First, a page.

Another team whose change is perhaps surprising at first is the Red Sox, who forfeited a pair of picks to sign both Pablo Sandoval and Hanley Ramirez but saw just a $150K decrease. However, it must also be noted that Boston leaped from 26th overall coming off a World Series to a protected pick — No. 7 overall — after their surprising fall to last place in the AL East. Likewise, the Twins signed Ervin Santana despite a qualifying offer and saw just a $137K drop. Minnesota’s top pick, too, was protected, so the Twins instead forfeited their second-round pick to land Santana. They also picked up a Competitive Balance Round B pick in this year’s Competitive Balance Lottery after not having a Comp Balance pick in 2014.

The only other players to reject qualifying offers last year were Victor Martinez and Francisco Liriano, both of whom re-signed with their previous teams anyhow. As for the rest of the teams to gain picks from qualifying offers, the Rockies ($5.6MM), Orioles ($5.5MM), Yankees ($4.7MM), Braves ($3.8MM), Tigers ($2.2MM), Dodgers ($2MM) and Giants ($1.6MM) each saw increases. The Royals, despite gaining a pick for the loss of Shields, still saw a $1.4MM dip, though that was due to dropping from 17th to 21st in the draft order and also missing out on a Comp Balance pick in this year’s lottery.

Cubs To Sign Phil Coke

2:15pm: Coke’s deal will pay him $2.25MM if he makes the Major League club with the opportunity to earn up to $900K more via incentives, reports MLive.com’s Chris Iott (Twitter links). The incentives kick in beginning with his 35th appearance of the season, Iott adds.

9:08am: The Cubs have agreed to sign left-handed reliever Phil Coke to a minor league deal, Ken Rosenthal of FOX Sports reports (Twitter links). Coke turned down at least one MLB offer, per the report.

Coke, 32, will give Chicago another southpaw option to pair with Felix Doubront in the pen. Chicago somewhat surprisingly decided to non-tender Wesley Wright earlier in the offseason, leaving some uncertainty in the depth chart. There are other internal options as well, such as Zac Rosscup and Drake Britton.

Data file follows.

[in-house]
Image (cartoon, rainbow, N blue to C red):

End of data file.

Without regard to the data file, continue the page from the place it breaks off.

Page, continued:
In Coke, the Cubs have added a still-live arm with a history of underperforming his peripherals. With the Tigers last year, he worked to a 3.88 ERA with 6.4 K/9 against 3.1 BB/9 over 58 frames. Unsurprisingly, Coke was much more effective when he enjoyed the platoon advantage (.691 OPS) than when pitching to right-handed hitters (.871).

NL West Notes: Outfielders, Rosario, Rollins, Dodgers

The trade market is still full of outfielders, writes Jon Morosi of FOX Sports. That is especially true in the NL West, where four teams — the Rockies (Brandon Barnes, Charlie Blackmon, Drew Stubbs), Dodgers (Andre Ethier), D-Backs (Cody Ross, Ender Inciarte, David Peralta and, to a lesser extent, Mark Trumbo and A.J. Pollock), and Padres (Will Venable, Cameron Maybin and Carlos Quentin) — all have surpluses. And the Red Sox, too, may feel compelled to move an outfielder given their slate of options, as MLBTR’s Jeff Todd covered at length in February. Jeff and I discussed Ethier in particular on the latest MLBTR Podcast, in light of recent reports indicating that the Dodgers may be willing to absorb as much as $28MM of his remaining $56MM to facilitate a trade.

Here’s more from the NL West…

  • Wilin Rosario has looked comfortable at first base early in game action this spring, writes MLB.com’s Thomas Harding. The Rockies signed Nick Hundley to be their primary backstop, so Rosario will see increased time at first base this winter, particularly against tougher left-handed pitching. Doing so will help spell Justin Morneau. However, Rosario is still expected to see some time behind the dish. And, I would speculate that Rosario is likely very much still available on the trade market should another team make what GM Jeff Bridich and his staff consider to be a suitable offer, though the rookie GM said in January that no such offers had been received.